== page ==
It's the holiday season and all over America, consumers are flocking to shops like this one in downtown Manhattan, hoping to find gifts that are unique, touching or just totally cool. This year, computer-oriented presents are selling extremely well, due both to competition in the gadgets industry and high demand. VOA's Adam Phillips met with Michel Marriott, who covers the computer and entertainment industries for the New York Times newspaper, and asked him what's hot, and what's not.
Michel Marriott: "What's going on now is there is a great deal of diversity. It's like the consumer really has a choice. In the beginning, when this stuff comes out, it's really sort of a niche technology for the early adopters. But this is now a mass-market phenomenon. So now you have all sorts of computers that differentiate now to laptops and notebooks and pocket PCs [personal computers], [and] all sorts of digital cameras and MP3 players. It's everywhere. It's everything."
Adam Phillips: What are some features that you think have a lot of 'gee whiz potential' [power to impress]?
Michel Marriott: "I think audio players right now and audio visual players. What the Walkman was to music, making music really portable, making it really personal, you're going to see that happen with visuals, so that people will be walking round not just with music, but with music videos on tiny LCD [liquid crystal display] screens.
We're starting to see some early breakthrough stuff like 'Tapwaves.' Tapwaves is a new company and they have a device that is called 'Zodiac.' It's their first product and Tapwaves actually has the capacity to play 28 frames a second video. Which is now the quality of television, even film. So you're gonna see that. That's a real 'gee whiz' thing."
Adam Phillips: So you see it in vans and that kind of thing, right?
Michel Marriott: "[Yes.] LCD pull-down screens that are 'rugged-ized' - so-called - so they can take the bumps and so forth. And you actually don't even touch the DVD anymore. The DVD device is under the seat and that's all remote control. And wireless speakers so that the people in the back can be listening to the DVD while the driver is not disturbed. And that's what I mean by consumer choice. It's broken down in so many ways, there is a flavor for just about every choice."
Adam Phillips: Cell phones now are around a lot. They are everywhere in New York and a lot of cities around the county and the world. What are some really cool features that mobile phones can do?
Michel Marriott: "Well, there is a new phone that just came out. It will take not just photographs, which is now commonplace, but it will take 15-second video clips with sound that not only do you have that in your phone, you can email that to anyone on the internet from the phone! No intermediary technology, just the phone itself will do that for you."
Adam Phillips: What about computing power itself?
Michel Marriott: "The big thing now is that computers are for more than computing. It's entertainment, so now your computer has these longer sort of 'tentacles.' It's connected to the Internet. It's doing productivity stuff. It's sorting your photographs. You can put your digital videos on them. But now, it's connected to your television. So it's moving to a place really where pretty soon the computer will be like our furnace. You will always know it's there, but you don't necessarily see it. It's just doing it's work quietly in the background."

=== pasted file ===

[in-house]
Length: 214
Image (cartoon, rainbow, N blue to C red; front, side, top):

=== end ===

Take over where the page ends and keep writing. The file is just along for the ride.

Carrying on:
Adam Phillips: What about games? Are you a 'games person?'
Michel Marriott: "Yeah. Big games guy."
Adam Phillips: Is there one particular game that is really cool?
Michel Marriott: "Hmm. Wow! There are just so many right now. Well, 'HALO' is a really good game I really love. It's sort of a combat game. Its fanciful, futuristic, it's not violent in terms of blood.
There is an upcoming game called Unreal Tournament 2004, and it's going to be really hot [popular]. And what is really hot about that game is that it gives you the means to redesign the game. Which is a whole new aspect. We call it a level editor. There are just so many things.
This is the one I should let you mention actually: Sony Play station has a game called 'Eye-Toy.' But it's more than a game, and I actually believe it's a sort of threshold breakthrough device. The barrier of entry for a lot of game players is actually the game pad. It's not an intuitive device which you hold in your hand. All the buttons, where they are, it's difficult for a lot of people. So they are trying to free people from the game pad.
So this is a game that is basically built around a camera, a video camera. You plug it into a play station, put the game disk in the machine. And what happens is, it photographs you in real time, in video, and you are in the game. And to control it, it's tracking your movements.
So there might be four or five karate guys coming at you, and they are coming at you, and you see yourself in the game and they are jumping at you, and you swat them, you hit them, and they fly and you get points. You could actually work up a sweat in this game. I think that's really a breakthrough. You're going to see more and more games like that, that are controlled by movement, by voice.
There is a game that is being developed right now that when you talk to the game and it recognizes something like 10,000 phrases. And you don't pick up the game pad really, not very much. You just talk to it. That's pretty hot stuff in the game world."
Adam Phillips: You have a lot of fun don't you?
Michel Marriott: "Oh, I love it. It's a great job. I get to do what I really love to do. The things that come across my desk. It's really a great time to be involved in technology."